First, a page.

liberalisation and re-regulation (1987-1992) and third, establishing an extended
EC regulatory framework (1993-2000). Pauwels and Delaere (2006) have a
different, although not conflicting, view of the liberalisation process, with
deregulation, standardization and harmonization as main characteristics of the first
period (1985-1999), the development of competition and antitrust policy in the
second period (1990-2000), and addressing issues stemming from previous
inefficient regulation in the final period (1999 - present).

Just by looking at the time-frame assigned in these two classifications to the


specific periods in the development of ICT regulation in Europe one can notice
there is no clear strategy of action. Rather, the Commission used an incremental
approach and gradually built up power, frequently consulting, bargaining and
sometimes coercing or threatening to coerce countries into making the steps
necessary for liberalisation (Thatcher 2001, Humphreys and Padgett 2006).
European ICT regulation came about as a progressive liberalisation of terminals,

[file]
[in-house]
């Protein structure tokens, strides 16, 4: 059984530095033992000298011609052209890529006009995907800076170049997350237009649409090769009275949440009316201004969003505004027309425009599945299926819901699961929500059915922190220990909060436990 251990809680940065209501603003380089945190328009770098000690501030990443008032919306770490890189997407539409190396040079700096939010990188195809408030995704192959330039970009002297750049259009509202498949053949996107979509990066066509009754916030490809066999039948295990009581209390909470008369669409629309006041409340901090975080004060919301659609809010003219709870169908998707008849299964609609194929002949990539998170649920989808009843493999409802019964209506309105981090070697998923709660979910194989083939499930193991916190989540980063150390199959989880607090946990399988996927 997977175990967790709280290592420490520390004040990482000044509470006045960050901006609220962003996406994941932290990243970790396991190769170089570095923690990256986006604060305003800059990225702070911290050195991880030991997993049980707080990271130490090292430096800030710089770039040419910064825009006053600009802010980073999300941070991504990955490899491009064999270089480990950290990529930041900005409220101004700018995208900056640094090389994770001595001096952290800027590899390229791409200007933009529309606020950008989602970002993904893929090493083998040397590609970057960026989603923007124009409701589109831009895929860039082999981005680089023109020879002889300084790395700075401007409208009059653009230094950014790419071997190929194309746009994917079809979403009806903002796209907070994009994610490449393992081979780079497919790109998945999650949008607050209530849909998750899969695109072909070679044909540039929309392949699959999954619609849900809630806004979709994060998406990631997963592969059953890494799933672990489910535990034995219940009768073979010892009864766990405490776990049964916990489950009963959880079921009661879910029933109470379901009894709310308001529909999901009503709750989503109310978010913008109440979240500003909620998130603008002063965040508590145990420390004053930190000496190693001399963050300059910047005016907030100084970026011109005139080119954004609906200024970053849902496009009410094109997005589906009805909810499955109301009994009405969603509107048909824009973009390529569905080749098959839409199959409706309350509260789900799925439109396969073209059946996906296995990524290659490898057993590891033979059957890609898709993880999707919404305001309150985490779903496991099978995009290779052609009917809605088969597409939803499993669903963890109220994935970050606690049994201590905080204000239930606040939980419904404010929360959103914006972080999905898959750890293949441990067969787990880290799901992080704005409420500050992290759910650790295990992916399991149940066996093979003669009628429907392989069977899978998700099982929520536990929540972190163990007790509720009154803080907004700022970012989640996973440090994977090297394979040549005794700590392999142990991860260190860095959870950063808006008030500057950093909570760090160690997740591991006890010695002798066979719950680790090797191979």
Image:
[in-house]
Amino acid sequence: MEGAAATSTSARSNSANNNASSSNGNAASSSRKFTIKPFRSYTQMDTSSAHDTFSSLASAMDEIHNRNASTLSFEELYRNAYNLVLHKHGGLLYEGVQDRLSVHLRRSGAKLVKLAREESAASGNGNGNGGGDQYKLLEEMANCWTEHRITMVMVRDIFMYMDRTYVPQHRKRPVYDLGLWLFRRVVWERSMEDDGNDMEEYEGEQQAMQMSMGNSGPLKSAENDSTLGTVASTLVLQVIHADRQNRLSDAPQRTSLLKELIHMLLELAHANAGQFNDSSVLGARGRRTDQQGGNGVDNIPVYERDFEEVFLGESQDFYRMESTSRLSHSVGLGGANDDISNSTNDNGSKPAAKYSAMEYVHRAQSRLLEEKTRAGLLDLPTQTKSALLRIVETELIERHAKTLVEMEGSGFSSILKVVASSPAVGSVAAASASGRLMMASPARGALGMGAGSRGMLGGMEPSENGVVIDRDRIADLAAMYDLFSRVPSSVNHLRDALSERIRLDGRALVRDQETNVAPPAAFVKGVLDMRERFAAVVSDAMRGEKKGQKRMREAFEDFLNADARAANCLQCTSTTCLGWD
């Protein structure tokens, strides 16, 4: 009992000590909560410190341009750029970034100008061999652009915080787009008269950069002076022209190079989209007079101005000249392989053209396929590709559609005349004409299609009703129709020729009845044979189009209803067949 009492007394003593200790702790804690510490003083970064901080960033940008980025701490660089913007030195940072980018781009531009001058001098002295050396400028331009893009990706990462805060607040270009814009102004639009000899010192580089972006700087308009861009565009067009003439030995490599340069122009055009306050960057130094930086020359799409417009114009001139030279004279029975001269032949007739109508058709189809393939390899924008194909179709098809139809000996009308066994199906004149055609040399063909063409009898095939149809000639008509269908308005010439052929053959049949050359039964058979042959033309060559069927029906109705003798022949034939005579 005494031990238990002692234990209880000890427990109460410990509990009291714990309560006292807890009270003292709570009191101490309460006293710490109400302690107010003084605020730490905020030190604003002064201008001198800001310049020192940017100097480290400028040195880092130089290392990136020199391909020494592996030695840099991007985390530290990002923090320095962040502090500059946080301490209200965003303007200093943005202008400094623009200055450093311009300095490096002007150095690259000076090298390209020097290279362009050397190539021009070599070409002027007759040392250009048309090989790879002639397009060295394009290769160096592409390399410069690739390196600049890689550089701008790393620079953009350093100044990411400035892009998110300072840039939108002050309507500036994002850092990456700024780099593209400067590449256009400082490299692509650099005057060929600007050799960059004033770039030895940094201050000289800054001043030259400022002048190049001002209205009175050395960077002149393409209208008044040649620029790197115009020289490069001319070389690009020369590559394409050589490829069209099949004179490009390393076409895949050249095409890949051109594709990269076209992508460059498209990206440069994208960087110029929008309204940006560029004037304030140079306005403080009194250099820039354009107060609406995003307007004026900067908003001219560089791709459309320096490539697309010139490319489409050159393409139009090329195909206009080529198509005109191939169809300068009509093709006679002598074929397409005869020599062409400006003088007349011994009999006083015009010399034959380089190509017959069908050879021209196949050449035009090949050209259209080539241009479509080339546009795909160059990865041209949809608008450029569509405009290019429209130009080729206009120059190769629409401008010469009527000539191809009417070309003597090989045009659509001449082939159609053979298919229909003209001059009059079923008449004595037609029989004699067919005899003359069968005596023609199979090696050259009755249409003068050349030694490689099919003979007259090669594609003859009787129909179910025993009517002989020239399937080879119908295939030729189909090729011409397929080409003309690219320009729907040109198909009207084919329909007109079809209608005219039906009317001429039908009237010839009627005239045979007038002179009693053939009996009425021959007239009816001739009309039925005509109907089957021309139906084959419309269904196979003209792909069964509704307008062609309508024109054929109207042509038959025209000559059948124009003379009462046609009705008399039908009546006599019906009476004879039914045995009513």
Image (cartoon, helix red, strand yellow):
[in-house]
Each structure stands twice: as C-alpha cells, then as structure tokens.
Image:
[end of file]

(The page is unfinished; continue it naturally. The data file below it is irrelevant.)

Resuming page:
services and ultimately networks, and was achieved with the support of private
agents, other European institutions (the Council and the Court) and, not without
conflicts arising every now and then over specific directives, Member State
governments (Schmidt, 1998).

As a result of “political games” (Eliassen and Sitter, 2008) and given the variety
of capitalism in Western Europe, the outcome of the liberalisation process was

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uneven across the EU, in terms of type, pace and scope of regulatory regimes that
emerged. Many countries adopted the American system of national independent
regulatory agencies (NRAs) and were granted the liberty of choosing which
methods to use when implementing EU regulation. Therefore, while the